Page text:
I’ve been doing a good deal of C# WinRT development recently and for the most part it hasn’t been bad. This week, however, I found a pitfall that is not only so simple it’s silly but also managed to waste an hour or so of my time. WinRT has a class called MediaElement that allows you to play different types of media using Window’s built in media engine.

As you might expect, instances of MediaElement take Uri’s for their source media.  So, let’s say you want to play a video from your app’s bundle — perhaps an introductory video or something like that. You might try:

// I am assuming you created a MediaElement called "player" in your XAML
player.Source = new Uri("/Appname/Assets/Media/Video.wmv" UriKind.Absolute);
player.Play();

Sadly, that will crash every-time. The good news is that your logic is fine, but the bad news is that you are missing a silly implementation detail of how Microsoft has decided to refer to in bundle URL’s.  To make that code work, you simply need to make one small change:

// I am assuming you created a MediaElement called "player" in your XAML
player.Source = new Uri("ms-appx:/Appname/Assets/Media/Video.wmv" UriKind.Absolute);
player.Play();

That’s it. Clearly, there is a little bit of magic here… hence the need for the prefix, but it works and is the prescribed way to do this according to MSDN. Hope that helps someone. Questions? Comments? Find me on Twitter and Google+. This post was brought to you by Code Journal and Fingertip Tech, INC.

My Android Christmas Wish

Android developers will know that there are some serious issues of fragmentation on the platform. These issue have been well recorded and, at times, greatly exaggerated. The truth is that in the last year Google has taken great steps toward making the Android development experience more on par with iOS and it could be argued that developing for Android is now as enjoyable as developing for iOS. However, there is still one larger of weakness is the blessed Android development tool chain: a good GUI designer.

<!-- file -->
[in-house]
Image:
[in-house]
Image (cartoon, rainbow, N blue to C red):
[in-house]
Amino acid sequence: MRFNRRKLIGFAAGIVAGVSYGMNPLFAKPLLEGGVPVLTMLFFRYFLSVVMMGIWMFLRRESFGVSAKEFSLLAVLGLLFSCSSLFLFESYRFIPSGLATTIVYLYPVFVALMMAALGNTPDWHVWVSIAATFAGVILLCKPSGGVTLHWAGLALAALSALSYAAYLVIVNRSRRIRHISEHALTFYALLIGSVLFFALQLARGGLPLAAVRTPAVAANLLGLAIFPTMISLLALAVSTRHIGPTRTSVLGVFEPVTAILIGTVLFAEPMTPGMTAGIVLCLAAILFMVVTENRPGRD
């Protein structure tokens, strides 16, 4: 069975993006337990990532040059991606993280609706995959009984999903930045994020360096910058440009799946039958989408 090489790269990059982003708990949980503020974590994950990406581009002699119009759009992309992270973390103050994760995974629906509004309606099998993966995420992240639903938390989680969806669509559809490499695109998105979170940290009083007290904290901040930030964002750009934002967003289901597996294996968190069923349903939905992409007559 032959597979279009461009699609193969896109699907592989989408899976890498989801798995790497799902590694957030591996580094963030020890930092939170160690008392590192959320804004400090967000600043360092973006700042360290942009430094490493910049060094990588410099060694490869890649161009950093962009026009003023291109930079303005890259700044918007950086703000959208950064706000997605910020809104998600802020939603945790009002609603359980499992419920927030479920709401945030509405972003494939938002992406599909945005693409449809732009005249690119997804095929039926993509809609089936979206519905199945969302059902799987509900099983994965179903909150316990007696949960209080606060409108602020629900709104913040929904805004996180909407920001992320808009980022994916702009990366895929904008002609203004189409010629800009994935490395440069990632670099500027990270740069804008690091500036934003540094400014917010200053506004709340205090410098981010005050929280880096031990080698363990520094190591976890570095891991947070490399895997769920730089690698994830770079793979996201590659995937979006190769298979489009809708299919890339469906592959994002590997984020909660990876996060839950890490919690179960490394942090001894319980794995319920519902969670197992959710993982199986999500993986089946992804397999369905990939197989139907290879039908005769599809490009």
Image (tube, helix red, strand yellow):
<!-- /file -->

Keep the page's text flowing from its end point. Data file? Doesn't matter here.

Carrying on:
Let’s face it — there really aren’t any good GUI designers for relative layouts. Certainly, the one Android developers are provided in Eclipse is a far cry for Apple’s Interface Builder. To be fair, Interface Builder traditionally has not had to deal with relative layouts and there is an element of added complexity in dealing with them. Still, that doesn’t excuse Google’s lackluster tool.

Like many Android developers, I’ve taken to working almost exclusively with layouts by editing the actual XML code. There’s nothing wrong with this, but it can be somewhat tedious when developing a complicated layout, since you have to keep rebuilding your application as you make changes to the layout.

If Google could improve or replace the Android layout tooling, I am confident that we would see more complex and attractive user experience in our Android apps. So, what do you say, Google? Questions? Comments? Find me on Twitter and Google+. This post was brought to you by Code Journal and Fingertip Tech, INC.

The Best Feature…

Code Journal LogoI’ve been hard at work mapping out the future of Code Journal  and took some time to go through user e-mails that requested new features; the idea was that I would simply implement the feature that the most users had e-mailed asking for. That feature was a resizable UI.

The problem was that the people, my customers who I of course care a great deal about, were very passionate about this particular feature and the feature seemed simple enough to implement; after all, I’ve implemented resizable UI’s on a number of Mac OS X apps for clients, so why couldn’t I apply the same the techniques to Code Journal? Right? Wrong.

Code Journal started out pretty simple; it was an app that pulled and processed JSON data from the Github API; in fact, the most complicated thing in the private demo (think alpha) version of the app was Github’s OAuth. I was thrilled. The app was nice and simple.